Inventing Impressionism

0

The National Gallery’s latest exhibition shines the spotlight on a lesser-known hero of the Impressionist movement – the art dealer Paul Durand-Ruel.

Claude Monet, Camille Pisarro, Pierre-Auguste Renoir, Paul Durand-Ruel…it’s easy to spot the odd one out. Yet without Monsieur Durand-Ruel we may never have heard of the aforementioned artists. He was the Charles Saatchi of late 19th-century Paris, an early champion of Impressionist painters whose works had been shunned by the art establishment of the day and derided by the press.

Now Durand-Real is the focus of the National Gallery’s current blockbuster (which it certainly is judging by the jostling crowds when I visited on a Monday morning), the first time a UK show has been dedicated to him. It’s a fresh angle from which to appreciate Impressionist painting, or, rather more cynically, an excuse for the gallery to exhibit these crowd-pulling paintings anew – a sure-fire hit in the same vein as those compilation CDs of number ones, as few art historical subjects pull in the gallery crowds quite like Impressionism (largely thanks to Durand-Ruel).

Photograph of Paul Durand-Ruel in his gallery, taken by Dornac, about 1910. © Archives Durand-Ruel & Durand-Ruel & Cie

Paul Durand-Ruel in his gallery, taken by Dornac, 1910. © Archives Durand-Ruel & Durand-Ruel & Cie

Art dealing was the family business and when Durand-Real took over from his father in 1865 he was already a passionate fan of Delacroix, Corot and the Barbizon painters. Given the latter’s propensity for quick oil sketches made en plein air, an appreciation for the Impressionists’ style was perhaps a natural segue. Inspired by methods from the world of finance, he was soon buying the work of Manet, Monet and Pisarro in bulk (in one case sweeping up 23 Manet canvases on studio visit for 35,000 francs), securing exclusivity deals and mounting solo retrospectives, which until then had been reserved solely for post-humus establishment artists.

The show gets off to a fascinating start with a stage set of the dealer’s Parisian apartment as it would have been in the 1870s, Impressionist canvases displayed among the chandeliers and Louis XIV chairs. He would invite prospective buyers there to view how good this ‘new art’ looked in the setting of a bourgeois family apartment – a smart marketing tactic back when the public thought it not only ugly but even morally reprehensible.

Music in the Tuileries Gardens, Edouard Manet, 1862. © The National Gallery, London

Music in the Tuileries Gardens, Edouard Manet, 1862. © The National Gallery, London

If only there could have been more of this through the rest of the exhibition. But while it gives us the chronology and facts, I’m left wanting to know more about his relationships with the individual artists, whether he influenced (or tried to influence) their aesthetic or purely played the role of supporter, more about how he packaged and theorised on these controversial artworks. Where are the advertisements he reportedly placed, the letters selling in to clients or encouraging his artists? A case in point: the final room tells us the ‘triumphant’ Impressionism exhibition of 1905 was a game-changer in exhibition display, “an early example of curation.” But there’s no explanation about what his curatorial approach actually was, only four small photographs of the original hang in the opposite corner. More ambitious and directional staging could have brought this to life; how about replicating the 1905 display in this room, something a bit more immersive and audio-visual, as the V&A do so well?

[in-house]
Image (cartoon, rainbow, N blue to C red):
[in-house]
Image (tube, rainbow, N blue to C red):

The art, of course, doesn’t fail to dazzle: here are Degas’ ballet dancers, Renoir’s dappled nudes, a study for Manet’s final masterpiece A Bar at the Folies-Bergere. As the movement evolves before our eyes through the exhibition’s seven rooms – the brushwork loosening and fragmenting, impasto thickening, and compositions cropped in ever more dramatic ways – we learn that Durand-Ruel continued to back his artists, both financially (paying them a monthly salary) and emotionally, even when blighted by two banking crashes.

Horses before the Stands, Hilaire-Germain-Edgar Degas, 1866-8. © RMN-Grand Palais (musée d'Orsay) / Hervé Lewandowski

Horses before the Stands, Hilaire-Germain-Edgar Degas, 1866-8. © RMN-Grand Palais (musée d’Orsay)

It also highlights the important role London played. While the opera halls, parks and boulevards of Paris form the classic Impressionist backdrops, it was to the British capital that Durand-Real retreated at the onset of the Prussian war and encountered two artists who would go on to be among his biggest success stories: Monet and Pisarro. And that seminal 1905 exhibition happened to be at the Grafton Galleries in Mayfair, too.

In the end, rather fittingly, it was in the New World that this new painting found a welcome home. Durand-Real established a gallery in New York and soon had American collectors clamouring. Before too long, the world followed. The captions of five canvases from Monet’s Poplars series neatly illuminate this global legacy: one is on loan from Philadelphia, two from Tokyo, one from the Tate and another at home in the d’Orsay.

Art and commerce have always been uneasy bedfellows, but this exhibition leaves you wondering just how different 20th-century art could have been if it weren’t for Durand-Ruel’s deep pockets and business savvy.

Inventing Impressionism is at the National Gallery, London until May 31st. For more information, visit the website.

Share.